Atonement by Ian McEwan
This book starts out with a ‘play’ scene that reminded me of the beginning of Revolutionary Road. This process of placing the characters straight into a point of action such as a play, is so powerful in novel writing. From the outset, Ian manages to pull you right into the main character’s (Briony) mind – so by the end of the book, you feel like you have lived her life and made a lifetime friend. This book is not just a book of fiction, it is a book of psychology. It demonstrates some of the deepest and darkest elements of humanity, and Ian lights them up on the page. A truly stunning book by a masterful writer. The film was stunning too.
Single White Female by John Lutz
This is psychological thriller perfection! A great cast of characters, a lovely weaved plot, and lots of mystery and suspense. The pages kept turning right until the end. I loved Allie and Hedra and the entire doppelganger concept. John takes this element of humanity that exists in us all, in small amounts, and then magnifies them into a form of madness. I love the film also, but the book has different scenes which added even more spice when reading. This book/film will always get five star rating from me.
The Evil Seed by Joanne Harris
I have mixed feelings about this book. The premise and the characters were very captivating, and I especially loved the Cambridge setting and the dark, other-worldly themes, however, I felt that the book was confusing in places, for two specific reasons. Firstly, I struggled to determine from the outset, which characters were narrating the different chapters in the book. Secondly, I was distracted from the plot because of the long sections of flowery description. Don’t get me wrong, the description was gorgeous and it added to the feel of the book, but for me it caused distraction – all I wanted was the story. There is a lot to be said for simplicity in writing! All that aside, this is an excellent debut novel from Joanne. She is an expert storyteller who managed to weave a complicated plot and tie it neatly at the end. For me, her skill definitely lies in artistic descriptive writing. If you love art, symbolism and atmospheric writing, then this book is for you.
One Door Away from Heaven by Dean Koontz
This book is the first Dean Koontz book I’ve read. It is a whopping 757 pages of pure excellence! Dean creates a cast of beautifully named, well-painted, rounded characters, and we are drawn into their minds so fantastically. With them, we embark on a huge adventure that is full of atmosphere, suspense, danger and fear. And Dean certainly knows where to place those cliff-hangers, because I was turning those pages as fast as that Fleetwood on the highway! Dean writes some interesting views on bioethics and humanity, through the perspectives of his characters – and this book keeps you thinking about your own existence and place in this vast universe long after you have finished. If you love metaphors and similes then Dean is your writer; occasionally I had to re-read his descriptions because they blew me away. Dean is a superb writer and I am left wanting to read more of his books.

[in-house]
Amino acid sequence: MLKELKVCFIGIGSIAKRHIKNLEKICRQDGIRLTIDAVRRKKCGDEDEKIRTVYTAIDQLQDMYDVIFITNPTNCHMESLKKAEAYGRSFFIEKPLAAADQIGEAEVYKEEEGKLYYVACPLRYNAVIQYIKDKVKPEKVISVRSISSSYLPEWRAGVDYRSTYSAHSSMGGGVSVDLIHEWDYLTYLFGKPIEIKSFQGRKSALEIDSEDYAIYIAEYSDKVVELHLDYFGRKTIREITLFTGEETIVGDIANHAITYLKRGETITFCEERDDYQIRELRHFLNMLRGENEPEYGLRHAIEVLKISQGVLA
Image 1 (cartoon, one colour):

The Great Gatsby by F. Scott Fitzgerald
Being an avid horror/thriller reader, this book was something a little different for me to try. I found the plot intriguing, but I felt that the characters were portrayed from a far distance; we rarely get to know their feelings, or what prompts them into their actions, which I found rather disappointing. I felt the writing had a screenwriting quality to it, and it very much reminded me of books like ‘A Streetcar named Desire’ – may be because of the quantity of dialogue throughout the book. There is no doubting that Fitzgerald has a beautiful hand in writing, and there is some magical descriptive writing in this book that bring you right into the elegance of the era, in which this book is set.
Katherine Mansfield Short Stories
These short stories are excellent! They deliver everything they need to with regards to all of the short story elements, yet they breathe brevity. We are immediately introduced to the character, and we live out the plot through the character thought and feeling. I particularly liked ‘The Tiredness of Rosabel’ and it’s theme of loneliness and darkness in an every day situation. Katherine manages to pull the darkness of life into most of her stories, and this is really my cup of tea! I truly recommend this to any reader who likes a quick reading fix. Also, any short story writer who wants to study the art of short story telling, then this book is a must!